_________
    ______
    ___

    Off Road Journal

    http://www.wannabebig.com/logo/alnlogo_white.gif

    AtLarge Nutrition Supplements Get the best supplements and help support Wannabebig!

  8. #8
    Moderator joey54's Avatar
    Join Date
    Jan 2001
    Location
    Palmyra, PA
    Posts
    5,730
    Quote Originally Posted by Off Road View Post
    I'm guessing that the lifter's strength will have a lot to do with the effectiveness of this type of volume training. A newer lifter might be using 80 lbs for the Bench Press while an advanced lifter might be using over 200 lbs. Is the advanced lifter going to get more out of this or is he going to burn out quicker?
    One would just have to plan things out accordingly. I used it in college during winter break for my sophmore and junior years. Probably started week 1 with 60% of max weights and added 5 lbs each week. Worked out ok for 1 month, but I wouldn't have been able to do it much longer. I wanted to do something different before I started training heavier for the upcoming football season and that was the best time to do it. I included bench, squats, and deads in the routine. I didn't write stuff down back then. Wished I would have soe I could go in more detail now. I would do arm stuff too, but I just did 5 sets for those from what I remember. Also what Tom said about missing reps in the late middle sets and then hitting them in the late sets was true.
    Last edited by joey54; 10-12-2009 at 03:43 PM.

  9. #9
    Banned
    Join Date
    May 2004
    Location
    At a slight angle to the universe
    Posts
    1,816
    Tom actually wrote a a good simple post explaining GVT a while back. You could probably search for it.

    That thread should really be stickied, either on its own or within one of the more general stickies. It would be quite useful then if people could be easily directed towards it.

  10. #10
    Senior Member DMedley's Avatar
    Join Date
    Aug 2009
    Posts
    362
    Quote Originally Posted by drummer View Post
    Tom actually wrote a a good simple post explaining GVT a while back. You could probably search for it.
    Drummer Is this the post you are referencing?

    http://www.wannabebig.com/forums/sho...d.php?t=123593

  11. #11
    Banned
    Join Date
    May 2004
    Location
    At a slight angle to the universe
    Posts
    1,816
    Yeah that's the one. OK its not strict GVT, but it shows a way of incorporating it into a routine. I've never used volume training but I like the way this 1-month program is written out.

  12. #12
    Banned
    Join Date
    Nov 2008
    Posts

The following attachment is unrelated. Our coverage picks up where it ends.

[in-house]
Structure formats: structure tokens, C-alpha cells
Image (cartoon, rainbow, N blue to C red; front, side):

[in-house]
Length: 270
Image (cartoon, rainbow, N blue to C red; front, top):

485
    Quote Originally Posted by Tom Mutaffis View Post
    One thing that I noticed with GVT is that I would fatigue once I reached the 5th set and start missing reps, but then in the later sets 8th-10th I would bounce back and start hitting additional reps on each set. It is an interesting response.

    50% of 1RM is a good guideline for choosing your weight for working sets.
    For shoulders on gvt, what are the workouts, can you do db military 10x10?

  13. #13
    Risk10k Clifford Gillmore's Avatar
    Join Date
    Sep 2005
    Location
    Perth, Western Australia
    Posts
    5,760
    Quote Originally Posted by Al19067 View Post
    For shoulders on gvt, what are the workouts, can you do db military 10x10?
    I stuck to straight bars for everything, so BB Milli's would be my reccomendation.

  14. #14
    Banned
    Join Date
    Nov 2008
    Posts
    485
    Quote Originally Posted by Risk10k View Post
    I stuck to straight bars for everything, so BB Milli's would be my reccomendation.
    Thanks man, for my next bulk I might try it in the middle of my routine, looks hard

  15. #15
    Strongman Tom Mutaffis's Avatar
    Join Date
    Jul 2008
    Location
    Charlotte, NC
    Posts
    119
    Quote Originally Posted by DMedley View Post
    Drummer Is this the post you are referencing?

    http://www.wannabebig.com/forums/sho...d.php?t=123593
    Thank you for bringing back that thread.

    Quote Originally Posted by drummer View Post
    Yeah that's the one. OK its not strict GVT, but it shows a way of incorporating it into a routine. I've never used volume training but I like the way this 1-month program is written out.
    I have found these types of programs to be very effective for building muscle. Most people get the best hypertrophy gains with volume and variation, which is also a shortcoming for a number of common programs like the 5/3/1 (which is more strength-focused).